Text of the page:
- Novak Djokovic set to be deported from Australia after government revokes visa for the second time
- The verdict came despite court ruling that tennis star’s COVID vaccine exemption is valid
- Australian Immigration Minister Alex Hawke says he made the decision “on the basis of health and good order”
- Djokovic unable to defend his 2020 Australian Open win
Djokovic faces relegation, Murray celebrates victory
The Scottish tennis champion has defeated X in the Association of Tennis Professionals (ATP) Cup final in Sydney – a competition Novak Djokovic announced his return to since last month.
Team Serbia was instead led by a confused world number 33 Dusan Lajovic, who said at the time that he “does not know the reason”.
WATCH: What do Australian PMs think of Djokovic?
Scott Morrison told reporters for the first time that Novak Djokovic’s visa was revoked that “the rules are the rules” – a line he has repeated despite an Australian judge ruling that the tennis star has a valid exemption from the COVID vaccine. Was.
But Morrison and his allies continue to oppose Djokovic’s stay in the country.
What will happen next for Djokovic and will he be forced to leave immediately?
Melbourne-based immigration lawyer Kien Bone said Djokovic’s lawyers faced an “extremely difficult” task of obtaining a court order over the weekend to allow the tennis star to compete at the Australian Open.
It will be extremely difficult for Djokovic to get the results he needs to play over the weekend. If you left it later [minister Alex Hawke] Now done, I think from a strategic standpoint he’s really hamstringing Djokovic’s legal team, in terms of what sort of options or remedies he can get.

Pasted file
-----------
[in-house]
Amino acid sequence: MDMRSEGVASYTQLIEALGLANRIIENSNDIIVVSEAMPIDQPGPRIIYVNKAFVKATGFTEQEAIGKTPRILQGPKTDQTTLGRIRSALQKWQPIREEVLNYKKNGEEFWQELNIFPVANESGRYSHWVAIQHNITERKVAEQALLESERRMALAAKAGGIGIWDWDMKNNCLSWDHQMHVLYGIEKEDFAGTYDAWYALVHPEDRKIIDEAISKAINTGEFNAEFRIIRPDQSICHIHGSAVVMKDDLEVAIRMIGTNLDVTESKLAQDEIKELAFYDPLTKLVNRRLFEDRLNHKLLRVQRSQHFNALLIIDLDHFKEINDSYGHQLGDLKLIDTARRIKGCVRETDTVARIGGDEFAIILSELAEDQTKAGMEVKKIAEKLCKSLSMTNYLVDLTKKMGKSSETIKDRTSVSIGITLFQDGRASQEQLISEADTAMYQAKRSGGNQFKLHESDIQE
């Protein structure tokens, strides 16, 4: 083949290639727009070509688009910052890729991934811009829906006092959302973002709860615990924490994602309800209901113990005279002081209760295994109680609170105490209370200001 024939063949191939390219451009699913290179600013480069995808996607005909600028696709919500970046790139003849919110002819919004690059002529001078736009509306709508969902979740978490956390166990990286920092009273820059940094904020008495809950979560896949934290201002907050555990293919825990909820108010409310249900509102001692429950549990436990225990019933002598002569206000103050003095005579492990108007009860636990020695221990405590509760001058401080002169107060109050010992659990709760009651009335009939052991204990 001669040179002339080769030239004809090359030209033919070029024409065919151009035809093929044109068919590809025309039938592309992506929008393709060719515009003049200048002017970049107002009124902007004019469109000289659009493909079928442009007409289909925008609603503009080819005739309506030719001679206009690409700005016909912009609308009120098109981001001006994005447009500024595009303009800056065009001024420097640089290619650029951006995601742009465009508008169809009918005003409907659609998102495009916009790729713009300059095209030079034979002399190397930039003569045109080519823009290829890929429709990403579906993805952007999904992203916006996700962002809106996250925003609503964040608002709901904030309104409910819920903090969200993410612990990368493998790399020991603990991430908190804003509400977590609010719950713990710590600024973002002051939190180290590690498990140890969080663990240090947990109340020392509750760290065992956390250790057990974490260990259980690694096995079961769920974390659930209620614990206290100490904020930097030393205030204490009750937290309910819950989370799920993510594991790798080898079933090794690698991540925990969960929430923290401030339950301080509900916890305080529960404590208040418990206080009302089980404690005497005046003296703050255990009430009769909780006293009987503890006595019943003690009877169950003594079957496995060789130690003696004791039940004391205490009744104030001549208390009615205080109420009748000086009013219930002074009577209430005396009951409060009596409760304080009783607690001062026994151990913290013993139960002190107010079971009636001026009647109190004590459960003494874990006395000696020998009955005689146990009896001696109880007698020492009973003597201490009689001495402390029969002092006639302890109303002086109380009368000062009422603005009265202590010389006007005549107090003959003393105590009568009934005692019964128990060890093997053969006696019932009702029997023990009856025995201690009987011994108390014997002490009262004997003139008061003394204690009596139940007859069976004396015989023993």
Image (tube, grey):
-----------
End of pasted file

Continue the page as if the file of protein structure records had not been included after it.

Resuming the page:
The attorney told the Associated Press that Djokovic would need to go to a duty judge of the Federal Circuit and Family Court or a higher judge of the Federal Court to obtain two urgent orders if he does not get the chance to be deported.
An order would be an injunction preventing his deportation, as he obtained last week. The second will order Hawke to give Djokovic a visa to play at the Open.
What does the Australian government say about Djokovic’s decision?
It was widely expected that Immigration Minister Alex Hawke would cut down on Novak Djokovic’s time in Australia – but why?
The politician – a close aide of Prime Minister Scott Morrison, who has repeatedly said “the rules are the rules” when it comes to the tennis star – said his decision was made on “the basis of health and good order”.
Today I exercised my power under Section 133C(3) of the Migration Act to revoke a visa by Mr. Novak Djokovic on grounds of health and good order, on the grounds that it was in the public interest to do so.